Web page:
Brachiator says:

    I am strongly against legalization. After reading this thread, I can’t stand the idea that sanctimonious beer snobs will be supplanted by sanctimonious bud snobs.

    More seriously, here in California, I am looking forward to voting for legalization and against the death penalty. Along with voting for Hillary, it’s gonna be a delight to vote next week.

  41. 41
    hovercraft says:

    What the hell. When were you born and where?

  42. 42
    John Weiss says:

    @BruceFromOhio: Most growers of pot don’t bother to ferment it, which immensely smooths out the smoke and increases the good flavor!

  43. 43
    chris says:

    @lamh36: I just finished John Wick ten minutes ago. A good action flick, just what I needed to take me away from this bloody election. Now I’m trying to imagine your Mom’s voice, “The Boogeyman!”

  44. 44
    Corner Stone says:

    Sec Clinton is sounding like Eva Peron and shit. She is fired up and Ready to go!

  45. 45

    @Comrade Colette Collaboratrice:

    Legalize it, tax the hell out of it, regulate it tightly, and keep it the heck away from me.

    Guaranteeing it profits MegaCorp, Inc, and only MegaCorp, Inc., which ain’t much better.

  46. 46
    Corner Stone says:

    @chris: John Wick is who you send to kill the fookin boogey man.

  47. 47
    Baud says:

    @hovercraft: sorry. I’ll go sniff some glue to compensate.

  48. 48
    Jim, Foolish Literalist says:

    @Baud: Yeah, yesterday Charlie Cook (no liberal) said the Dems are on track to take 5-7 Senate seats; just saw a tweet that said Politico is predicting the GOP holds the Senate.

  49. 49
    RaflW says:

    I’m a long-time sober person who gave up occasional dabbling in pot well before showing legal booze the door. I also spend 8-10 weeks a year in Colorado (to snowboard, hike, and to spend time with friends and family).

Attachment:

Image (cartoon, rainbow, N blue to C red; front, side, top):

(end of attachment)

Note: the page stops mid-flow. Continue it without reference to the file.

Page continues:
And I think legalization for personal consumption is the least-bad option. There should be sufficient tax revenue to fund reasonable and real treatment programs for people who need help quitting (and that should be more true of booze sales too, IMO). There should be controls for preventing underage purchase, and at least some effort to keep kids deterred till their still-forming brains can achieve some adult stability.

    But clearly prohibition has failed. That bit on the OP about the dealer opposing legalization was funny in a funny-sad sort of way. But if s/he is smart, they’ll figure out a way to be in on the ground floor of legal sales.

    Lets make pot safe, legal and taxed. And like homebrew beer and wine, if an individual wants to own 1 or 2 potted ‘ferns’, hey that’s OK too. It shouldn’t all turn into above-board but rapacious capitalism like the InBev and Diageo.

  50. 50
    Mnemosyne says:

    @NW Phil:

    What, nobody thought to buy a bunch of the “locks” you put over the top of the liquor bottle that have to be removed by the cashier? Here in CA, we’ve been selling liquor at grocery stores for many years now. The only stuff that gets locked in a cabinet is the really expensive stuff ($50+ per bottle).